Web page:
English Camp. Our first experience with a real classroom.
Omg omg omg omg omg omg. I was so nervous. Leading up to camp, all I could think was “This is the WORST choice I’ve ever made! I’m not prepared enough and I’m terrified of the kids and I just- I CANNOT.” Everyone had to make their own lesson plan, but we had a group that we would stick with the whole day and while one person taught the rest of the group would observe and give feedback. Most people were in a group of three but I was one of the people in a group of two. Which meant I would have to teach an extra lesson both days. Yes, that doesn’t sound like much, but when you’re terrified, an extra 60 minutes is a LOT LOT LOT. What if they’re bored? What if they’re out of control? What if they hate me? What if I’m terrible?
And then we arrived at school and everything just sort of melted away.
These kids. They’re respectful, they’re adorable, and they make me incredibly happy. I had Prattom 4-6 which is ages 9-12. My topic was sports so I chose to teach them about basketball. We were in charge of making our own flashcards, so I took the liberty of making awesome ones. (Dribble, team and shoot)
My lesson was a hit and the kids were great! It was a bit harder to keep their attention in the afternoon classes because the kids were anxious to get out of there- but overall it was a great day. I had a BLAST and fell in love with the little kiddies.
I was more confident about my ability to get up and teach in front of a classroom of students now! But we switched up the age groups and Day 2 I had Prattom 1-3, the 6-8 year olds. After hearing feedback from the groups who had the kids on Day 1, I was extremely nervous. They were energetic and naughty, hard to manage and didn’t listen. Classroom management is what I have been the most worried about since starting this whole process and suddenly I’m getting the biggest test of all- being thrown into the lion’s den and it’s sink or swim. (Ok, I mixed analogies there but you get it.)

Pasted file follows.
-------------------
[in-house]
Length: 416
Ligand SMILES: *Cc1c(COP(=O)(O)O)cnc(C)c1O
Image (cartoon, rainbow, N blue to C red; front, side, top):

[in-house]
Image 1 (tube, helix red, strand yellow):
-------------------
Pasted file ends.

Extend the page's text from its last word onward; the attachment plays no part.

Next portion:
The kids were not terrible. They were the devil himself disguised as precious humans and I should’ve just run away instead of shown up. How can something that looks so sweet be SO AWFUL? There was virtually nothing to be done about them. Every single teacher was having an issue with these classes and every single teacher was getting similar results. I literally made them move their desks around so we could waste some time at one point.
It was one of the longest days of my life and it wasn’t fun at all. By lunch I was a sweaty disheveled mess and I had lost all of the enthusiasm and confidence that I had gained the previous day. I was exhausted and frustrated and it put me in a bad mood.
But a bad attitude doesn’t help anyone. It puts me in a bad mood and it sets me up for failure before I even begin. I have to remember that this is a job. There will always be bad days. Whether it be in a job you hate, a job you love, or within life in general. There is no escaping that and there never will be. It’s the good days that make it worth it- and I have to keep in mind that there will be many, many more good days than bad days ahead of me. There will always be shitheads and there will always be those who want to learn. Control isn’t a thing in Thailand. From a classroom to the rules of the road, chaos is the name of the game and while it has been drilled into us from Day 1- English Camp was a huge reality check. While Thailand offers the opportunity to teach young minds, it also offeres the opportunity to learn. But what I didn’t know, is that in addition to a new culture, language, and way of life I would also learn how to think on my feet, relinquish control, and roll with the ridiculous punches that come my way.
Here goes nothing I guess!